PITTSBURGH — Setting out to become the “convenience store of the future,” Pittsburgh-based American Natural’s business model is dedicated to offering choice in both fuel for people’s vehicles, as well as fuel for their bodies. This model was created from founder and CEO Jennifer Pomerantz’s belief that today’s convenience store shopping experience has become a “seemingly less human and unnatural experience,” where customers have traded good food for what’s convenient.
“American Natural was driven to create a new culture of convenience, a more natural culture. An accessible culture built on the belief that, despite your busy lives, you shouldn’t have to sacrifice what is important to you and your family,” Pomerantz explained. “Better food. Better service. Better choices. All delivered with a great sense of community.”
The American Natural brand was introduced in 2011 by parent company Cleopatra Resources. With an acquisition of operating fueling stations and a wholesale petroleum distribution fleet in 2012, the company established a growing footprint around its Pittsburgh base. Today, American Natural has 13 stores operating across Pennsylvania and Ohio.
Seeking a new store prototype for the American Natural brand, the chain enlisted Westport, Conn.-based retail consulting and design firm King-Casey to bring its vision of a “new culture of convenience” to life. Together, the two organizations cultivated a project objective: to create a next-generation c-store design that optimizes sales of freshly prepared food and beverages, according to Howland Blackiston, a King-Casey principal who worked on the American Natural project.
American Natural and King-Casey also had four sub-objectives for the project:
1. Develop a redefined concept definition for a world-class c-store;
2. Develop an enhanced brand positioning and new store design for American Natural;
3. Create a new interior layout that optimizes operations and products, including 3-D branded design concepts; and
4. Develop strategies for visual zone merchandising and customer communications.
To begin, King-Casey used its proprietary COZI (Customer Operating Zone Improvement) methodology to audit American Natural’s existing stores and determine how well they represented its desired brand positioning and attributes. COZI is an analytical assessment process that focuses on the customer and how retailers utilize “zones” to create an effective environment.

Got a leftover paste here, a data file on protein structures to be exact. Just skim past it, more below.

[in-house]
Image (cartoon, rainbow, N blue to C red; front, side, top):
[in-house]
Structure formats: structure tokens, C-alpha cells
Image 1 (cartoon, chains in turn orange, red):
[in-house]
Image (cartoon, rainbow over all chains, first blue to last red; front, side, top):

Looking at American Natural’s stores through the COZI lens, King-Casey identified several areas in need of improvement and, thus, opportunities for the new prototype.
For instance, King-Casey identified the need for a major upgrade in the Food Service Zone. Upon walking into “old” American Natural stores, the first thing customers saw was the same thing they’d see in every c-store: racks of candy and potato chips. This zone needed to become the showcase and center of attention for the new store prototype, Blackiston explained.
“Foodservice should be the first thing you see when you enter the store because American Natural is all about fresh, delicious food,” he said. “We even recommended that they showcase food equipment that underscores the ‘fresh choice’ concept, such as espresso machines, a rotisserie grill, and pizza ovens.”
American Natural’s new prototype debuted just outside Pittsburgh last September. The chain plans to roll out the new store design with future locations, and has begun implementing King-Casey’s recommendations at its existing stores, too.
“New” American Natural stores highlight The Eatery’s bevy of fresh foodservice options. Taking an upscale approach, the offer includes made-to-order premium sandwiches, gourmet salads, baked-fresh pizzas, and toasted paninis. There’s an in-store barista as well, while sweeter fare includes homemade ice cream and hand-scooped milkshakes.
Taking on a more café-style design, new American Natural stores feature counter and tabletop seating for sit-down dining, plus an upholstered lounge area for customers who want to enjoy their barista-made beverages. There is also exterior patio dining.
“The feeling you come away with is that this is a restaurant/dining concept that also happens to offer fueling options. That dining impression is so acute, and the food is so good and popular, that a store manager in the new prototype said that they received a call from a customer asking, ‘Do you take reservations for lunch?’” Blackiston shared.